You may love it, or you may hate it. You might even think this next-generation investment is only for computer geeks, or those with serious gambling addictions. But irrespective of your feelings, Bitcoin and the rise of so-called cryptocurrencies will change the entire financial paradigm.
I argue that in many ways, digital currencies have already rocked the often stodgy and slow-to-change financial infrastructure. Back in 2013 when Bitcoin prices first eclipsed quadruple digits, the mainstream viewed the cryptocurrency in a speculative, negative light.
For instance, CNN Money made sure you knew that Bitcoin was the “currency of choice” for drugs and illicit transactions. The mainstream media also cited criticism that Bitcoin could be worth a fortune, or nothing at all.
It’s fair to point out the seedy side of cryptocurrencies because that element actually exists. At the same time, focusing strictly on the negatives prevents viewing the digital markets through a broader perspective. Any new technology is susceptible to unlawful or otherwise illegitimate use. But over time, greater exposure leads to integration of that technology. More importantly, integration leads to cultural and societal normalization.
The latter point is already occurring. Today, it’s not at all uncommon to see reports from CNBC, Bloomberg, or other mainstream business publications discussing Bitcoin prices. And personally, I’m happy to see more of my InvestorPlace colleagues give cryptocurrencies a fair shot. Even Dana Blankenhorn, who doesn’t necessarily fit the stereotypical image of a Bitcoin trader, has written a number of articles about the technologies underlining cryptocurrencies.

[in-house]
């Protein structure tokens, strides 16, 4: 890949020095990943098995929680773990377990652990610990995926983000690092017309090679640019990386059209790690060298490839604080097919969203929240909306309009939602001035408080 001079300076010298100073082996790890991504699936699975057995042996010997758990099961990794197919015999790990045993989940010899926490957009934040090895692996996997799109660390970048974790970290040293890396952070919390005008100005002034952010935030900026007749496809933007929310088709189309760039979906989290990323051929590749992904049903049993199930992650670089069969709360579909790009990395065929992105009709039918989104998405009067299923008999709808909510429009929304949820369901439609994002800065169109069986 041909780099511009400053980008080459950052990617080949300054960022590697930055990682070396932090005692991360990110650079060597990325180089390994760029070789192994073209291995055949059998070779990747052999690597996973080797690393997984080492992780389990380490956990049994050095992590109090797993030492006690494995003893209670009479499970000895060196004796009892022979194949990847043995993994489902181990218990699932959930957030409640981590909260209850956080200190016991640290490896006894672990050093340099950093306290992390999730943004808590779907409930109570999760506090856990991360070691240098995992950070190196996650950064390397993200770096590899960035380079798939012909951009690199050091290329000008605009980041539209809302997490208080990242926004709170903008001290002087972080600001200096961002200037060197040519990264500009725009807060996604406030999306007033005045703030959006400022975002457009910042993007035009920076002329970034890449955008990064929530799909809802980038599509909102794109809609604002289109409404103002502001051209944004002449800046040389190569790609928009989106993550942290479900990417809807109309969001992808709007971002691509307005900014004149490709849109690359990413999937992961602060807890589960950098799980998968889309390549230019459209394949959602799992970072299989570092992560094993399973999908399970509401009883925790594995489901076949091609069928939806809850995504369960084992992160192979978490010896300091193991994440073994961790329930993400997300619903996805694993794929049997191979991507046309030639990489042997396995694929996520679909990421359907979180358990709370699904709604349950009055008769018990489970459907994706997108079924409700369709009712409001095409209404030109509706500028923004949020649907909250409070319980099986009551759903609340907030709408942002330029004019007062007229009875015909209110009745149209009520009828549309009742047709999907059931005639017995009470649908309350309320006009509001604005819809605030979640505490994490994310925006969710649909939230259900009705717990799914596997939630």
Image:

What distinguishes me from many other writers, though, is that I’m extremely bullish on the cryptos. In fact, I see a case for $10,000 Bitcoin. And I’m not afraid of going long, even at these “ridiculous” levels around $4,700 or so.
Here are a few reasons why you too should go digital!
You can’t truly appreciate cryptocurrencies without acknowledging the blockchain technology. As Blankenhorn explains, the blockchain is “the idea of an encrypted ledger, with an audit trail to resist manipulation, and an Internet-like structure to resist attack.”
What makes the blockchain unique from other ledger systems is that the verification process is conducted not by authorized administrators, but rather, decentralized agents called miners. Utilizing top-grade GPUs from Nvidia Corporation (NASDAQ:NVDA) and Advanced Micro Devices, Inc. (NASDAQ:AMD), miners compete with each other to verify blocks of transactional data.